The world’s polio problem continues to worsen. The World Health Organization announced Monday that we had hit a “public health emergency of international concern” in polio control, with ongoing spread in three countries—Pakistan, Syria, and Cameroon—despite this being a “low-transmission” time. In addition, cases are being diagnosed in other countries, including Nigeria (which had just received a promising report card from experts) and Afghanistan.
This was easy to see coming. Polio, like any vaccine-preventable disease, requires a moderately stable public health infrastructure, as well as a modicum of trust and flexibility, to assure that children are vaccinated. (Children are the ones at risk for the dreaded disease because immunity is conferred for life, either by the disease or the vaccine.) So in any community, when a wave of polio arrives, the only ones at risk are the young who didn’t receive a vaccine; teenagers and those older were either vaccinated according to plan or else contracted the disease and survived. Either way, part of the tragedy and poignancy of polio is its preferential spread to babies and toddlers.
In the newly affected countries, however, no such public health vision and stability can be found. Yet each country has its own story, it own unique reason for the crisis demonstrating how many ways a readily transmitted pathogen like polio virus can spread unless sustained efforts are made at control.
Pakistan has had polio problem for many years, compounded by local distrust of vaccination and anything else that smacks of Western influence. As I have quoted before, in the face of a 2012 polio vaccine campaign in his country, a Pakistani lawyer claimed that “these vaccines are meant to destroy our nation…The [polio] drops make men less manly, and make women more excited and less bashful. Our enemies want to wipe us out.” Added to this is the threat to the lives of polio vaccinators who have been murdered in Pakistan and elsewhere as recently March of this year. Some consider this a continued furious response to the vaccine ruse perpetrated by the CIA in order to find Osama bin Laden.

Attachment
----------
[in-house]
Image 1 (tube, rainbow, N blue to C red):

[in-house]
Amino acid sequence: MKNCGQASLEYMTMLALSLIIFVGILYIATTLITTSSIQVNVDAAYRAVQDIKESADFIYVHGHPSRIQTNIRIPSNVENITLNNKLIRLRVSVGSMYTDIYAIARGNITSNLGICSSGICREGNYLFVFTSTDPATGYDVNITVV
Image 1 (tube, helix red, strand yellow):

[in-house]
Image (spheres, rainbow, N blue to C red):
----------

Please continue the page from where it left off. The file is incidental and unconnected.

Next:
Syria only recently has seen its continued civil war result in runaway infectious diseases. Here, destruction of stable, clean plumbing combined with a disrupted vaccine delivery infrastructure—refrigerators to store vaccine, people to distribute it, others to track who and where people have received a dose—have placed an enormous swath of young Syrians at risk. Global attention has led to some improved efforts, but the political climate as well as the locals’ bedrock distrust of the West make this epidemic appear far from over.
For Cameroon, the third of the countries signaled by WHO, the story is altogether different and altogether mysterious—a standard situation for infectious diseases and yet another reason for the ardent belief in wide and continuous vaccination, even when diseases appear near eradication. Here, there is no real civil war or jarring civil unrest; the economy though not booming, is not desperate; the political will appears to be present. Poliovirus strains, however, have been recovered by surveillance experts, and there is a suggestion that the circulation of the virus has not been interrupted by initiation of aggressive vaccine plans. Furthermore, Cameroon sits near a political tinderbox—the Central African Republic—where entry of an unchecked virus could exploit the issues currently experienced in Syria.
Outside of Cameroon, the reason for this mess is clear, and the solution clearer. The only question is whether political hostilities can be suspended long enough to prevent children from becoming paralyzed for life for want of a 14 cent vaccine. Public health programs usually work pretty well except in extremes of human behavior—warfare being one. Yet even during the Cold War, Soviet and American scientists worked together to identify and manufacture adequate amounts of vaccine to assure children’s safety.
Now though, the single humanitarian concession all could agree upon—that children should be protected—no longer is a rallying point. It is likely that the WHO, with effort, derring-do, money, and enough publicity, will be able to tame the latest conflagration of polio. But nothing they are doing will be able to reduce the underlying cause of the problem: although the world is now full of people motivated by profound religious belief, nothing at all is sacred.